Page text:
School Board Breaks Sunshine Law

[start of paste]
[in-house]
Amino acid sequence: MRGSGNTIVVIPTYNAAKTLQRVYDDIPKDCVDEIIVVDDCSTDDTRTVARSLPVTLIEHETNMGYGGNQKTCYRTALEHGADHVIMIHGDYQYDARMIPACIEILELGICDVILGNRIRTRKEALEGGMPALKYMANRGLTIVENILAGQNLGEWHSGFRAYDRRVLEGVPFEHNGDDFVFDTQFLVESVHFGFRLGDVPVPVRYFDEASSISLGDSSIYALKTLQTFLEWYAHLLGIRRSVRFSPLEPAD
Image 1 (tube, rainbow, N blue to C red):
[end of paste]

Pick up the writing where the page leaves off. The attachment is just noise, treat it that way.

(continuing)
The school board, in its own dysfunctional way, is defiantly moving ahead with hiring a new superintendent against the mayor's wishes. And just in case anyone might want to hold board members individually accountable for their choice, they were hoping to cast secret ballots. But Pith in the Wind, your ever-diligent government watchdog, has called the board on it and forced public votes in the future on hiring the superintendent. You can thank us later. Here's what happened: The board interviewed its three finalists ad nauseam over the weekend, then considered how to narrow the field. Believe it or not, board members pretended they were on the Survivor TV show, and each secretly wrote on a little yellow note card the name of who they wanted to "vote off the island" by not inviting back for another interview. Board members were happy to keep their votes secret. One member, the Hermitage insurance salesman Steve Glover, chortled at the thought. "The media will probably dust these for fingerprints," he joked as the note cards were passed to the consultant conducting the superintendent search. This was a blatant violation of the state's Open Meetings Act, which clearly states "no secret votes, or secret ballots, or secret roll calls shall be allowed." Pith pointed this out to a sheepish board chair David Fox, who checked with Metro's law department and phoned back to admit guilt. "Thank you for bringing this to our attention," Fox said. The board will vote again on whether to narrow the field of candidates, this time casting ballots openly in compliance with the law, on Wednesday night, and there will be no more secret votes, Fox promised.

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